Vision System Speeds Syringe Filling

Designed to aid compounding pharmacies in precise robotic picking of loose syringes, this Smart Table vision system is more than just an accessory.

FP Developments is a privately-owned pharmaceutical material handling OEM that has a 60-year history of providing equipment for syringe filling and handling, vial filling and handling, mark and verify, track-and-trace, unique device identification (UDI), and the like. The company has a strong installed base for its robotic syringe filler, which uses a Universal Robots UR-3 robotic arm to perform aseptic syringe filling and capping. The machine is primarily used in specific pharmaceutical environments like hospital pharmacies and clean-room pharmacies.

“In these environments, we frequently see pharmacy technicians loading the syringes by hand into the tray,” says Ryan Stote, Systems Integrator, FP Developments. “If you have a 200-syringe run, it takes the user quite a while to load those trays. So we came up with a solution to take the hand-loading out of it and free up the technician. We use the UR-3 because, like the name implies, it is truly universal. It is easy to integrate, and the user interface is intuitive.”

The company’s new Smart Table is marketed as an accessory to the filler. It is a backlit flat-surface table with RGB colors to demonstrate chromatic shift during object position detection. “If you’re doing something that requires a certain backlight color, you have the red, green, blue, and white,” Stote says.

He says many customers don’t understand chromatic shift, and how different wavelengths of light focus at different points. Position detection with the precision required by robotic syringe-filling can be affected by available light—the Smart Table accounts for this.

“With a system like this as a demo, you can trigger it once, show customers the position of the syringe, change the backlight, trigger it again, and show them the actual shift in position,” Stote says.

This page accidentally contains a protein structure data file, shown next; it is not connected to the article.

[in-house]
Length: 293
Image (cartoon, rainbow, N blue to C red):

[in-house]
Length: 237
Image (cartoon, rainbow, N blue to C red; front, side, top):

The table uses a Cognex VC200 vision system to guide the robot to pick loose, unfilled syringes from the table, then fill, cap, and load them into a tray.

“We looked around and chose the Cognex system at least in part because of the number of cameras it was capable of using, the processing power, and the fact that so much of the processing is done within the camera,” Stote says. “As you add each camera, processing gets quicker.”

The system photographs an array of syringes on the table, uses pattern-find software to locate a target on an appropriate syringe, and rotates the table until the suitable syringe is found. Then it sends the x, y, and angle coordinates to the robot, which picks and orients the syringe, doing a full spin under the camera to qualify it. The cap of a qualified syringe is then removed by the robot, which orients the syringe within the automatic filler and pulls on the plunger to fill. The syringe tip is capped, and the filled syringe goes into a magazine for distribution.

“We have programmed it in such a way where we can measure the syringes after we fill them,” Stote says. “We use a glob find [or filename pattern matchmaking] tool, then find the blot at the end of the plunger and the tip. Then we raise the exposure so the liquid doesn’t really bother it on the inside, and the graduations don’t bother it either. We still get enough contrasts with the blue-black light that we can still get a measurement off of it.”

After the system checks the fill and ensures that the tip cap, which seals in and protects the syringe contents, is on correctly, it laser-prints and applies the label, reads the barcode, and verifies the label and the recipe. Then it’s ready for use.

“One thing I do like about the VC200 is the interface used to program it,” Stote adds. “It acts like a cross between a spreadsheet and Cognex Designer vision software, and once you know it, it’s quite easy. Designer is a little more involved, and spreadsheets are a skill all their own, where with this, you get the best of both worlds. It’s easy to teach beginners, as well. If you’re used to working with logic block diagrams, this is very intuitive, and it’s quick.”

Stote also talks about the VC200’s easy-to-use recipe feature. “For a pharmacy technician, trying to select a recipe could be a little daunting because they see the full, actual program, lines of code, etc. With this interface, all they see is what you want them to see, just the recipes and pull downs and associated items.”

The robotic filler, when augmented with the Smart Table, takes aim at the 503B market—pharmaceutical compounding pharmacies providing custom drugs—and associated FDA-regulated pharmaceutical compounding facilities.

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